Environmental Issues: Addressing Climate Impact and Employee Safety

Masonite, a door manufacturer based in Tampa, Florida, has a spotty record on climate-related policies. We targeted Masonite as part of our 2020 thematic engagement campaign due to its lack of carbon-emissions or climate-change targets. Ongoing engagements with Masonite revealed a recognition of the importance of the topic and a willingness to take concrete steps to address the issue.

At our first meeting, we shared our benchmarking of the company versus peers and explained why addressing carbon and employee safety is important for Masonite over the long term. The company’s controller agreed to raise the matter with the board. Follow-up meetings showed that Masonite made considerable progress, including incorporating ESG metrics related to employee engagement and safety in executive compensation.

Masonite has also engaged a consultant to establish its baseline carbon emissions, with the hope of crafting an improvement plan and upgrading its disclosure in 2021. Meaningful progress from Masonite provided us with greater conviction to support the board and management.

Social Issues: Improving Diversity and Inclusion

In contrast, Charles Schwab’s board needed a shake-up. Since May 2017, we’ve engaged with management from Schwab on governance issues, specifically on what we viewed as an entrenched board. Most of the financial services company’s board members had served more than 10 years. Our ESG engagements with Schwab were focused on advocating for board refreshment with members that could offer a new perspective and diverse set of experiences.

The company has responded. Three board directors didn’t stand for reelection and two new directors were appointed. But that wasn’t enough. In May 2019, we tussled with Schwab over its refusal to refresh three more board members whose terms expired in 2020. As a result, the company also added two new directors who bring technology experience and gender diversity to the board. We believe our consistent message regarding Schwab’s board composition influenced the company’s decision-making.

Governance: Establishing Better Governance Structures

While Charles Schwab was established 50 years ago and is entrenched in its practices, earlier stage companies often offer more open avenues for engagement. For example, Floor & Decor is a small-cap growth company that sells hard surface flooring and accessories, founded in 2000. It is younger in its lifecycle, suggesting that our engagement might have a bigger impact as the company is still in the early stages of shaping its governance structure.

Floor & Decor, based in Smyrna, Georgia, has a classified board and supermajority voting requirements for charter/bylaw amendments. It also lacks shareholder rights to call special meetings or act by written consent. AB’s policy is to vote against a company’s governance committee if no sunset provision—a commitment to removing certain initial governance structures in a specified time frame—is in place in the second year after the company’s initial public offering. Floor & Decor had no such provision in 2019.

We continue to engage with management on the company’s governance structure, executive compensation metrics, D&I efforts and supplier oversight. Although many of Floor & Decor’s direct nominees received relatively low support at the 2020 AGM, management would not commit to changing anything besides reviewing their governance structure. On executive compensation, they acknowledged our view that performance-based metrics should be incorporated into long-term incentive-based compensation, but did not commit to any imminent changes. Over time, we believe that persistent engagement with company management and escalation through our voting policies will help effect shareholder value-enhancing change at the company.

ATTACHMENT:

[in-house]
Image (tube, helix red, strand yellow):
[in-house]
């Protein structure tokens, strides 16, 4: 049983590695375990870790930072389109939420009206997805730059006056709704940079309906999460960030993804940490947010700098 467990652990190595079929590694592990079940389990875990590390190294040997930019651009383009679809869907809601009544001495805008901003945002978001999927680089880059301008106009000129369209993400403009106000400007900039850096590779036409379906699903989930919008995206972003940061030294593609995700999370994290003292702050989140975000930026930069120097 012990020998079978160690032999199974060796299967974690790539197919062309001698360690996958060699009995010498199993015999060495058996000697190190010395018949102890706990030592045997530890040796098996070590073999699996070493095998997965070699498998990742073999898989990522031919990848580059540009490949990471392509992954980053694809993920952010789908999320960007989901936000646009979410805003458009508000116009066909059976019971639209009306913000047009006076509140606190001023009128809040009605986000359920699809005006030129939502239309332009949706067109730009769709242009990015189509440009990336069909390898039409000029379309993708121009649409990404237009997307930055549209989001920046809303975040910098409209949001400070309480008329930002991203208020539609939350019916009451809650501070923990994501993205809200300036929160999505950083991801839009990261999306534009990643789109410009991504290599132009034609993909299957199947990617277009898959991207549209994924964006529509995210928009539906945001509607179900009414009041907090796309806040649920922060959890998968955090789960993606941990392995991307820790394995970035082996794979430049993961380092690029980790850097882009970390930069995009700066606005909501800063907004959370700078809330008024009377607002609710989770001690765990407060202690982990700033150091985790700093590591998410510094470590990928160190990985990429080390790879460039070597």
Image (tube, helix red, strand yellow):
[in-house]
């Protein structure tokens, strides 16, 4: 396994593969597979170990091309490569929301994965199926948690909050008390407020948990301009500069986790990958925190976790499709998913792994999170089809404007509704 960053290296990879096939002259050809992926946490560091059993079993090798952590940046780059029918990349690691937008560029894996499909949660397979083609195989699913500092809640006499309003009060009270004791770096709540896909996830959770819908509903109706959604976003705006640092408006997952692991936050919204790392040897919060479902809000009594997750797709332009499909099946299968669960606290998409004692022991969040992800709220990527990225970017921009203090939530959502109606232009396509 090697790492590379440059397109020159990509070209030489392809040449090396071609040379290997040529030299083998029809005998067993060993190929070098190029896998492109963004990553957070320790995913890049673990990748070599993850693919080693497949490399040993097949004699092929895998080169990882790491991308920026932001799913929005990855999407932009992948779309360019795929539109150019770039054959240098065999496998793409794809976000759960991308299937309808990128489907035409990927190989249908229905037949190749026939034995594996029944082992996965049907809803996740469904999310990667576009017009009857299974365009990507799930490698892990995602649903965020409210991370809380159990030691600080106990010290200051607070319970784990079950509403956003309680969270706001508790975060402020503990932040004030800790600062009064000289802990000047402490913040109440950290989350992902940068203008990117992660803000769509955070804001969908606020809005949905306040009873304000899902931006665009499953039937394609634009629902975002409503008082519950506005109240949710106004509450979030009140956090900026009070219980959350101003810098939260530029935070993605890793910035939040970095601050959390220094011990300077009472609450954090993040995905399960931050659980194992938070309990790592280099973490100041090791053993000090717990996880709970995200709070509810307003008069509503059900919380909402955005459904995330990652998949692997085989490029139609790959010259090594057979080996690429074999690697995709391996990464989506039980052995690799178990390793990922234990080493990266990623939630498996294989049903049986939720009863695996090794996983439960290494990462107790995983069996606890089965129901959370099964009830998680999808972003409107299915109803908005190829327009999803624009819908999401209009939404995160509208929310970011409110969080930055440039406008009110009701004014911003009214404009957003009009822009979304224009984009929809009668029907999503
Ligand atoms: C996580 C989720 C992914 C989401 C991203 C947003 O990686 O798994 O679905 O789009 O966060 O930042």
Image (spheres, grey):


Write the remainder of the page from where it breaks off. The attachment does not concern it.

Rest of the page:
Engagement Outcomes Will Inform Our Vote Decisions

This proxy season, engagement outcomes will continue to inform our vote decisions—with increased focus on accountability. Our priorities in 2021 include addressing unequal voting rights from multi-class share structures, increasing the diversity of boards (including requiring that Japanese boards include at least one female director) and scrutinizing companies that have been flagged as having high human rights or modern slavery–related risks based on our proprietary screening system.

Board gender diversity is an increasingly important focus. Outside the US, we are extending our requirement for board gender diversity to Japan this year after implementing a global ex Japan policy in 2019. In 2019, fewer than 30% of Japanese boards had at least one female director. By 2020, that percentage increased to approximately 40%, suggesting that meaningful progress is possible and that it is time for greater effort to further push Japanese boards. This new requirement means that AB will be voting against approximately 31% of our Japanese holdings, demonstrating how seriously we take this issue.

The independence of Japanese boards is another issue of growing importance. We will require that Japanese companies without a three-committee board structure (nominating, compensation and audit) have majority independent outsider representation starting in 2021. This represents a step up from our efforts to communicate this preference to companies during engagements in recent years.

Shareholders will be considering new themes as they vote during the 2021 proxy season. We believe active, case-by-case evaluation of proposals married with company engagement to effect positive change is the best approach to create long-term value for shareholders and stakeholders alike.

The views expressed herein do not constitute research, investment advice or trade recommendations and do not necessarily represent the views of all AB portfolio-management teams and are subject to revision over time.

Past performance does not guarantee future results.